In other places that I worked, people would know me just as a school bus driver and sometimes not even know my name. But, in my ten years at Riverside, teachers and students noticed me and addressed me by name, and made me feel that the work I do is of great value!”
-Hemant Shah, Transport Team Member, The Riverside School
We hear a lot about culture in the corporate world. Lately, it has also become a topic of discussion in the education arena. In my visits to educational institutions across the world, I see a growing aspiration to establish a culture that is positive and nurturing.
But how does one go about cultivating it? Well, I believe it starts with the leadership, and it is more about what they do rather than what they say.
When I was setting up Riverside in 2001, we looked at culture as an essential piece. In hindsight, the fact that we grew slowly was a blessing. Since we began with five teachers and 25 students, we had the luxury of time and numbers to co-create our systems and processes.
With the inflow of more teachers and students, we grew year on year, and today, we have 85 teachers, 35 support team members, and 407 children on campus!
In all these years, we have moved from vision to action by constant co-creation.
Setting the culture in motion is, of course, an ongoing effort and not without some slips and misses. Through this article, I share how leaders can be catalysts in cultivating and enriching the culture of any organisation. Not that we are culture Gurus, but the endeavour is to put forth from our wonderful journey of 19 years, ideas that have worked for us instinctively, and through practice.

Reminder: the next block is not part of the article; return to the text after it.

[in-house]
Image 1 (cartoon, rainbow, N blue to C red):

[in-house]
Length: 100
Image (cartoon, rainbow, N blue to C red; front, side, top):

1. Culture is a shared set of value systems and behaviours
These are upheld by the stakeholders of an ecosystem every day. Since it is intangible, it becomes very difficult to identify and change, but it is like the smell of the place that you will always pick up!
More often than not, in schools, the focus is on pedagogy and curriculum. What many leaders miss is the opportunity to build cultures by recognising that people build the culture, and not a single practice.
As a team, we realised early that our ecosystem was built on several touch-points with our various stakeholders like students, parents, teachers, support teams, and the community at large. While it may seem like an abstract idea, it can be intentionally planted and sowed. The intentionality comes in the design of processes, keeping in mind the People, Purpose and Practices which allow that value system to be inculcated.
Add to this, the fourth P of Professionalism, and you will have the perfect DNA strand to build a robust culture.
2. While building Culture, don’t miss the WHO and the WHY
If leaders spent more time in determining the WHO and the WHY, the WHAT and the HOW would never be a concern.
Building a culture is a slow process since it is a human-centered interaction; so, to think that everybody will get it just because the process has been clearly defined as a written policy is an ambitious prospect.
Likewise, skills, mindsets, and competencies also differ from person to person. So, cultures are built with more alignment when the teams can see the leaders live the values rather than merely read about them in a vision and mission statement.
3. Work around belief systems and mindsets
As a leader, my primary work is around belief systems and mindsets. Giving the team the opportunity to dream big, explore possibilities, and turn them into reality has been my biggest role. My practice served as an example as I taught full-time every day for the first seven years.
4. Be receptive to messages
There will be occasions when you might feel fatigued and fumble about what to do. At such times, look for sources that can give you hope because leadership is where hope resides. So, it doesn’t matter where the message comes from; it’s important that you are receptive. This means that leaders have to be more optimistic than others because everybody else looks up to you, and you have to believe that your dreams are possible and convey this to the team.